We need to talk about home. By which I mean not walls, those these are good. Not our stuff, though that is lovely too. I mean more that sense of at -one-ness, the comfort, the safety, of being understood and accepted. The coming home. Being home.
You may know folk for whom this is not true right now. Perhaps you have felt this too. I think we sense this so keenly because we know what it is to feel at home, and so we are acutely aware when this is absent. The mole in Charlie Mackesys’ book says, ‘I think everyone is just trying to get home’. I agree with mole.
I wonder how we can help each other out with this?
I wonder whether what Saint Ignatius calls ‘consolation’ is this feeling of being at home, of belonging.
Now consolation, and home, can be found in a particular place. There is a phrase in Celtic spirituality which refers to places which soothe us, as ‘thin places’, where the soul feels right at home. Now, I reckon that if it can be true for places then it can be true for people too.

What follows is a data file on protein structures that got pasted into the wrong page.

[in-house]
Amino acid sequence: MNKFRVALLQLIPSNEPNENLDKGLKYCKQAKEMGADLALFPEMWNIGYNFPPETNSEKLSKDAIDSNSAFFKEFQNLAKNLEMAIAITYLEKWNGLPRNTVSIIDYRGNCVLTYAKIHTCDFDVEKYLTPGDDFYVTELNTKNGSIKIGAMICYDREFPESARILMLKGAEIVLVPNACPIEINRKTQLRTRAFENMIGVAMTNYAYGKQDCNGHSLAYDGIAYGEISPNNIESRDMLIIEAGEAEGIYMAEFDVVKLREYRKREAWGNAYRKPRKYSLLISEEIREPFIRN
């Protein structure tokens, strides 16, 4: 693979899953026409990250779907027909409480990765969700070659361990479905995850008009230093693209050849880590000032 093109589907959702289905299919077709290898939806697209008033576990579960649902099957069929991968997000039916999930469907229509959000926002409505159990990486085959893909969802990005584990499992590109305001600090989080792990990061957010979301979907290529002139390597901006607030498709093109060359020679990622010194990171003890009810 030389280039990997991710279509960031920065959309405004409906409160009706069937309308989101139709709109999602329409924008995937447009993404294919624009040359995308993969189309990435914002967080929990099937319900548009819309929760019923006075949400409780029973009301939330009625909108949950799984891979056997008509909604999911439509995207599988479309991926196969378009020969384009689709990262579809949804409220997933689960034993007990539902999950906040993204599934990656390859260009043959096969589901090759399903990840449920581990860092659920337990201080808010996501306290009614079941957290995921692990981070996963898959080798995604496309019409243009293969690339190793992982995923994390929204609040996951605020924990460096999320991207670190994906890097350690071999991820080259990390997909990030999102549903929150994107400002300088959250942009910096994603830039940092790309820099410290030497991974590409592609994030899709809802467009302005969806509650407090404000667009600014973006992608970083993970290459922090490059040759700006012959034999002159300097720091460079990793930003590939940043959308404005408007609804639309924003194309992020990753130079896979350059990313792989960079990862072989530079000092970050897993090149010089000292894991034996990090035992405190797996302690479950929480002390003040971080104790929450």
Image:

I am pretty sure there are ‘thin people’. Those who console your soul, who make you feel at home, even if you have been up-ended and are on foreign territory. They embody for us a ready kindness, which is good, for things will not be as they were before. A physical home can be unreliable, but finding home in the company of another, well, you can depend on something like that.
They say that we are all just walking each other home
They say that home is where the heart is
But, what if you have a broken home
Or a broken heart?
Then we will have to try to get home by another way
That may mean walking you home in the dead of night
In the dark,
All you need to do is take the hand that’s offered
And hold on tight
to the one who has dared
to bring the comfort of the home of their hearts,
to those who find themselves
far from home.